WannaCry/Wcry Ransomware

WannaCry/Wcry Ransomware

What you should know and do if attacked.



Daryl Pereira

Partner, Head of Cyber, Advisory

KPMG in Singapore


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Cyber Security

Countless news reports have documented the outbreak of ransomware WCry, also referred to as WNCry, WannaCry, WanaCrypt0r or Wana Decrypt0r, which is spreading globally.

The ransomware locks all the data in a victim’s computer system, and has been demanding payments starting from US$300 in bitcoins to restore access. Further demands include paying the ransom within a defined time period, failing which the demands increase or leads to a complete destruction of data.


How is it spreading?

Like many ransomware attacks, this often starts with attachments coming by email which are inadvertently opened. Initial assessments are suggesting that once a recipient’s computer is infected, the ransomware spreads through a remote code execution vulnerability in Microsoft Windows computers: MS17-010. The encryption is carried with RSA-2048 encryption which makes decryption of the data extremely difficult or near impossible.

The vulnerability MS17-010 is also known as ETERNALBLUE, for which a patch is available.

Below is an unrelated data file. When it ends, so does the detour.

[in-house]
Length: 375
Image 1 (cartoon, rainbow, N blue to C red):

Immediate measures
We advise that users should take precautionary measures by:

  1. Patching their systems with updates from Microsoft 
  2. Ensuring they have the latest anti-virus software
  3. Backing up data regularly


Additional communications / reminders to your organization’s users would help with prevention.

  • Practice safe online behavior and not to open emails from unknown sources
  • Be wary of unsolicited emails that demand immediate action
  • Avoid clicking on links or downloading email attachments sent from unknown users or which seem suspicious
  • Update your anti-virus software and maintain up-to-date backups of files, and regularly verify that the backups can be restored
  • Report all incidents to your IT helpdesk, immediately


In addition, administrators should monitor their network, system, media, and logs for any malicious software, possible ex-filtration of data, abnormal behaviour or unauthorized network connections.

Post proper testing, Windows machines in your environment should be patched with one released by Microsoft in March 2017, as part of MS17-010 / CVE-2017-0147.

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